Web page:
Social Media Does Not Cause Cancer

June 24, 2024

Of course it doesn’t: smoking causes cancer.  

Cigarettes are harmful in a way that is easy to measure and to demonstrate. There are decades of settled academic research to back this claim up. It is right and proper that the US Surgeon General (with Congress' approval) placed a government health warning on every pack of Marlboro (and all the others) to warn the public away from this harmful product. In this case, a physical warning on a box of cigarettes has saved lives. 

Social media, on the other hand, is not a physical, but a digital product. It is present in an online form, on phones, tablets, laptops, computers and even gaming consoles. Facebook, Instagram and all the others, are not ingested, inhaled or in any way subsumed into the body. It can be passively “consumed” as well as actively interacted with. And it is clear that there are risks, potential harms as well as real benefits for teens and young people to be on social media. 

In other words, it’s complicated. The research is not settled. Cigarettes have no redeeming qualities. Period. However, being on social media can have positive, negative or no effect at all at any given time and with any given teen. Placing a blanket warning on all social media platforms is as broad a stroke as claiming that an entire generation is “anxious”. The warning label could actually have the opposite effect to that which it is trying to alleviate. 

Let’s also consider the practicalities. It is one thing to place a sticker on a box and place it on a shelf in a physical store. It is quite another to do this online. I have some history on doing just this. I founded the Internet Content Rating Association (ICRA) in 1999 in order to provide web owners the ability to generate a label on their site that parents could use to block access to content they didn’t want their kids to see.  

We quickly ran into the problem of what to do with larger and more interactive sites, like MySpace, that foreshadowed the arrival of Web 2.0 and the many social media sites that followed. Does the label appear just on the home page? What about the billions of pages, profiles, uploads, tweets and snaps produced every day? Will we see the Surgeon General’s health warning right after we are shown the cookies policy that we have to agree to?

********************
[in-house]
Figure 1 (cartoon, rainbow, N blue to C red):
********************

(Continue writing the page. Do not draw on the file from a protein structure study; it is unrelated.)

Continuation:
It’s remarkable that the reaction to this proposed warning label from politicians such as Senators Blackburn and Blumenthal has been tepid at best. They feel that their proposed Kids Online Safety Act would require social media sites to provide sufficient warnings to kids and their parents as and when needed. Unsurprisingly, organizations such as the libertarian think tank, NetChoice opposes the idea. But when Jeff Chester of Center for Digital Democracy calls the idea an “illusory safeguard without serious reform” you know more thought needs to be given to this simple fix. 

One might be forgiven for thinking that this proposed warning label is nothing more than an election year gambit; a way to match the Haidt zeitgeist with a simple solution that swing voters can get on board with. I sincerely hope this is not the case and I hope that the Surgeon General can return to his much more balanced and nuanced statement on social media that he released last year.  

We need a serious and holistic approach to what is a complex and confounding set of issues. We must also seek the counsel of those we are purportedly trying to protect - our teens and young people. They have insights and practical advice that we parents, as well as the platforms and politicians should heed before we feed another moral panic not unlike those that faced the early versions of radio, television, computer games and even the bicycle.  

I hope that the Surgeon General adds his voice to the bipartisan call for a federal privacy bill upon which online safety bills can be built. And to ask Congress to keep funding the ongoing research projects looking into the actual impacts that social and digital media has on kids and teens.  

Let’s have more than a digital bandaid that might have unintended consequences for the very people we are trying to help. And let’s acknowledge that for all the many and concerning problems, social media is not equivalent to smoking.  It’s more complicated than that. 

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Written by

Stephen Balkam

For the past 30 years, Stephen Balkam has had a wide range of leadership roles in the nonprofit sector in the both the US and UK. He is currently the Founder and CEO of the Family Online Safety Institute (FOSI), an international, nonprofit organization headquartered in Washington, DC. FOSI’s mission is to make the online world safer for kids and their families.